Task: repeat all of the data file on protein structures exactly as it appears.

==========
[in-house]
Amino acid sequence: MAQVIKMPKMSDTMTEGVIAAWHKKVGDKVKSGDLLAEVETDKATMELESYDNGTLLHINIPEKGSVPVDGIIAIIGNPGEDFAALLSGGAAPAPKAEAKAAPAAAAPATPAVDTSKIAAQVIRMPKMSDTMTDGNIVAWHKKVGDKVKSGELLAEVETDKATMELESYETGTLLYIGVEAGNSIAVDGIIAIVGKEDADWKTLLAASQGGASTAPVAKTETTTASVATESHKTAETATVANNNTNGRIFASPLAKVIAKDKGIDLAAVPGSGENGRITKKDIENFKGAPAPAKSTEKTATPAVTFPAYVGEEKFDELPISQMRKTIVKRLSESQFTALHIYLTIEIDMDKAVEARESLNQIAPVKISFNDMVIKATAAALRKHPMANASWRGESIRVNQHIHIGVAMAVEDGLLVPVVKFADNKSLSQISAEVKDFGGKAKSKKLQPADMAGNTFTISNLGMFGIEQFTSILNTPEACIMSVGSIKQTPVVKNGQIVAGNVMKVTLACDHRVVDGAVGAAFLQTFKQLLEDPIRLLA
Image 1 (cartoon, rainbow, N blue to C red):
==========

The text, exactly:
[in-house]
Amino acid sequence: MAQVIKMPKMSDTMTEGVIAAWHKKVGDKVKSGDLLAEVETDKATMELESYDNGTLLHINIPEKGSVPVDGIIAIIGNPGEDFAALLSGGAAPAPKAEAKAAPAAAAPATPAVDTSKIAAQVIRMPKMSDTMTDGNIVAWHKKVGDKVKSGELLAEVETDKATMELESYETGTLLYIGVEAGNSIAVDGIIAIVGKEDADWKTLLAASQGGASTAPVAKTETTTASVATESHKTAETATVANNNTNGRIFASPLAKVIAKDKGIDLAAVPGSGENGRITKKDIENFKGAPAPAKSTEKTATPAVTFPAYVGEEKFDELPISQMRKTIVKRLSESQFTALHIYLTIEIDMDKAVEARESLNQIAPVKISFNDMVIKATAAALRKHPMANASWRGESIRVNQHIHIGVAMAVEDGLLVPVVKFADNKSLSQISAEVKDFGGKAKSKKLQPADMAGNTFTISNLGMFGIEQFTSILNTPEACIMSVGSIKQTPVVKNGQIVAGNVMKVTLACDHRVVDGAVGAAFLQTFKQLLEDPIRLLA
Image 1 (cartoon, rainbow, N blue to C red):